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Data Gets You Funding, Part 3

 In Research

3 Steps for Demonstrating Impact to Funders 

Your organization is phenomenal. You know it. But do funders? Demonstrating impact is all about making sure others see what you already know to be true about the good work you’re doing.

So how can you demonstrate impact with data—in a way that even those outside your organization can see just how important and effective the work is that you’re doing. It can seem like a tall order.  After all, you know firsthand how the work that you and your staff are doing changes lives, changes organizations, changes the world. But you’ll need more than your own pride and joy at what you’ve created to convince others to get start funding and supporting your work in a significant way.

We have learned over the years how to take the mystery out of demonstrating both the depth and breadth of your program or organization’s impact.It comes down to three key ideas.

  1. Change Over Time. The first key to making sure that you’re demonstrating impact is to capture change over time. We can’t simply measure where people are at the end of a program or event; we have to know where they started. If we don’t know where they started, it’s almost impossible to measure the specific ways your organization impacted them. Intake forms and surveys are an important, and easy-to-implement step in this process.

  2. Don’t Reinvent the Wheel.We trust that you’re the only organization doing exactly what you do. But in all likelihood, others people and companies have come before that had similar goals, even if the execution was different. Don’t reinvent the wheel: if your program is designed to increase religious engagement across generations, you might already know of another organizations or studies tackling or tracking that question in a different way than you. Look at their outcomes and draw out the connections your organization makes at a more particular level. Doing this not only saves you time, effort and money, but also communicates how well you know your work within a wider conversation. 

  3. Tell the Story. Data is nothing without communication. It should be accessible, not impossible to interpret. Figuring out how to tell the story of your program’s impact is vital. Along with tables and graphs, you’ll want graphics that reflect your brand, video(s), and, maybe most importantly—narrative. Make sure your data are embedded into a larger story that effectively communicates impact in a predictable andaccessiblestructure. You may one to highlight the particular story of one individual, an “ideal” candidate or model user of your program. Relying on step 1 from these tips, you’ll want to show a before and after in narrative form: how and what they struggled with, the way your program is designed to meet their need, and how that individual has been impacted positively since working with you. Personal stories are always simple and powerful.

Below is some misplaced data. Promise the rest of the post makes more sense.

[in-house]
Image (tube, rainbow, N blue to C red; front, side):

At Springtide, we’ve honed this process of demonstrating impact, because we’ve seen it work. Not just with the clients we serve, but also with our own research. Look through our reports, and you’ll see a similar model to the one above. We rely on expertsand storytelling to help us document how young people’s religious lives are changing. We ask where they started and where they’re going, and we keep asking them questions, tweaking our process along the way to make sure it’s effective.

You can easily implement these same tactics in your own organization—and if you need any help doing so, don’t hesitate to be in touch. 

Josh Packard, PhD, is the Executive Director of Springtide Research Institute

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